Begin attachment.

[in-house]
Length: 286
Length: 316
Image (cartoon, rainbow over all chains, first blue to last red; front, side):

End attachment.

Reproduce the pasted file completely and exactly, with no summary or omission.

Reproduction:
[in-house]
Length: 286
Length: 316
Image (cartoon, rainbow over all chains, first blue to last red; front, side):